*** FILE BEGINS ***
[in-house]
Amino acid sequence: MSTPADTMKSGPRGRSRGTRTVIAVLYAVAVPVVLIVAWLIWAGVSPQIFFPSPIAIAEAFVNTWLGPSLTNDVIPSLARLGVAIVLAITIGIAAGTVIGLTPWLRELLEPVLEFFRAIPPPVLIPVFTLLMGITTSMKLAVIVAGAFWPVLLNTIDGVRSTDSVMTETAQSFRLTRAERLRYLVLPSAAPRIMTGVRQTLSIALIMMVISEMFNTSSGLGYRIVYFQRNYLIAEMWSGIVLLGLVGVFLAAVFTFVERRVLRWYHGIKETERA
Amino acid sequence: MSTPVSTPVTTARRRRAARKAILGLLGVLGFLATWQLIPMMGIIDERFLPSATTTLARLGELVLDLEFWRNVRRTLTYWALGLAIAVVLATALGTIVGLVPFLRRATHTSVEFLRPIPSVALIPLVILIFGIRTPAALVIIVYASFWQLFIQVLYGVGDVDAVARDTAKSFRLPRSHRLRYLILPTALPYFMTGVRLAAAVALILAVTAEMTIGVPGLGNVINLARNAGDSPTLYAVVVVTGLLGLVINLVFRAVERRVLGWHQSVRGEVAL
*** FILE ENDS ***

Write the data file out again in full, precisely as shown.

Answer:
[in-house]
Amino acid sequence: MSTPADTMKSGPRGRSRGTRTVIAVLYAVAVPVVLIVAWLIWAGVSPQIFFPSPIAIAEAFVNTWLGPSLTNDVIPSLARLGVAIVLAITIGIAAGTVIGLTPWLRELLEPVLEFFRAIPPPVLIPVFTLLMGITTSMKLAVIVAGAFWPVLLNTIDGVRSTDSVMTETAQSFRLTRAERLRYLVLPSAAPRIMTGVRQTLSIALIMMVISEMFNTSSGLGYRIVYFQRNYLIAEMWSGIVLLGLVGVFLAAVFTFVERRVLRWYHGIKETERA
Amino acid sequence: MSTPVSTPVTTARRRRAARKAILGLLGVLGFLATWQLIPMMGIIDERFLPSATTTLARLGELVLDLEFWRNVRRTLTYWALGLAIAVVLATALGTIVGLVPFLRRATHTSVEFLRPIPSVALIPLVILIFGIRTPAALVIIVYASFWQLFIQVLYGVGDVDAVARDTAKSFRLPRSHRLRYLILPTALPYFMTGVRLAAAVALILAVTAEMTIGVPGLGNVINLARNAGDSPTLYAVVVVTGLLGLVINLVFRAVERRVLGWHQSVRGEVAL